On 15 November, President Biden signed a $1.2 trillion bipartisan infrastructure bill. So what’s in this infrastructure bill, and why is it important for the United States?
According to John Oliver, infrastructure is “basically anything that can be destroyed in an action movie.” Here’s his 2015 attempt to add some excitement to something we usually see as dull. (To be fair, a lot of engineering is about preventing excitement.)
Infrastructure supports nearly every aspect of life. Our pipes deliver drinking water to homes and hospitals. Airports, railroads, and inland waterways transport goods from farms and manufacturing plants to store shelves. The roads that crisscross the country allow us to get to work and school safely, and the network of transmission and distribution lines keeps the lights on and our electronics charged. Dams enable consistent water supply in arid climates, and levees hold back floodwaters to protect rain-soaked communities.—ASCE, 2021 Report Card for America’s Infrastructure
The infrastructure report card
Since 1998 the American Society of Civil Engineers (ASCE) has issued a report card every four years for the nation’s infrastructure. The overall grade for 2021 of C- isn’t very good, although it’s better than 2017’s grade of D+. Clearly, our infrastructure is not adequate for a rich country in the 21st century. Eisenhower’s interstate highway system, which dates from the mid-1950s, has aged long past its design life. Lead pipes in municipalities such as Flint, MI, can’t provide safe drinking water. Ports can’t unload ships quickly enough to keep them from backing up.
ASCE rates various types of infrastructure according to the following criteria.
- Is its capacity adequate for current and future needs?
- What is its condition?
- Is there adequate funding to meet projected maintenance and repair costs?
- What are the future needs, and will there be enough money to pay for them?
- Can the owner operate and maintain it properly?
- To what extent does its condition jeopardize public safety, and what would be the consequences of failure?
- How resilient would it be under various types of threats and multi-hazard incidents?
- How are innovations in materials, techniques, technologies, and delivery methods being implemented to improve the infrastructure?
The 2021 report card rated the following individual categories: aviation, bridges, dams, drinking water, energy, hazardous waste, inland waterways, levees, ports, public parks, rail, roads, schools, solid waste, stormwater, transit, and wastewater. ASCE estimates that to bring the nation’s infrastructure up to what it needs to be in the next decade would cost $5.9 trillion. With only $3.3 trillion already allocated, there’s a gap of $2.6 trillion. Biden’s $1.2 trillion includes both $550 million of new money and money that was already allocated to infrastructure. That is, the $1.2 trillion infrastructure bill is not nearly enough to complete the job.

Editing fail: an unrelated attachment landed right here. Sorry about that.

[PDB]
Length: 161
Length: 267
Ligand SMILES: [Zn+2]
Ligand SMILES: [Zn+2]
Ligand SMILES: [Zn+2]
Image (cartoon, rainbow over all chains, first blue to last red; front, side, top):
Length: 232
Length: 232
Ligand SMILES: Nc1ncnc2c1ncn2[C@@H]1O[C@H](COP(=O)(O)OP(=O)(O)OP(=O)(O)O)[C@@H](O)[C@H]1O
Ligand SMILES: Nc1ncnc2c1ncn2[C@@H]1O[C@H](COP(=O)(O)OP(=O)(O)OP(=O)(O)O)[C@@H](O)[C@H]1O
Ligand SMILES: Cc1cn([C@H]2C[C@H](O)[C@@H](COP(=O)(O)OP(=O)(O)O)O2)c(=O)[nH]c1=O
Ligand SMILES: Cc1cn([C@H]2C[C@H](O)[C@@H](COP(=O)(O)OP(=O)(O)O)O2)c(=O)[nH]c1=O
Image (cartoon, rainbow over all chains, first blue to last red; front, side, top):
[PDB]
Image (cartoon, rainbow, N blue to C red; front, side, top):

The infrastructure bill
So where’s the money going? In addition to the $110 billion for roads and bridges and $66 billion for rail services, there’s $65 billion to improve broadband access and $7.5 billion for charging stations for electric vehicles. That is, the infrastructure bill uses a broader definition of “infrastructure” than ASCE does. Even so, it truly is an investment in the nation’s future.
According to The Economist, “The bill will not fix everything. But it could be the beginning of a process that will make a real difference.” For example, good locks and dams on the upper Mississippi help US soybeans compete in the global market. US farmers have high labor costs, but reliable waterways get their soybeans to the market at a competitive cost.
As a rough rule of thumb, an additional $100bn per year spent on infrastructure could boost growth by about a tenth of a percentage point when the digging actually begins, and potentially more if it catalyses additional private-sector investment, notes Ellen Zentner of Morgan Stanley, a bank. In the longer term, she estimates, a sustained expansion of infrastructure spending could support productivity and raise America’s potential growth by as much as a fifth of a percentage point, a big deal for a large, mature economy. “That’s why whenever you talk to economists, infrastructure is the stuff that we go to bed at night dreaming of,” says Ms Zentner—The Economist, 11 November 2021.
However, The Economist remains skeptical about Americans’ willingness to pay the taxes necessary to fund all that construction. In addition, we need to spend the money efficiently. On the other hand, no matter how well we manage the projects, we won’t have everything we’d like. “Even so, better to fix roads, expand ports and lay broadband cables than not.”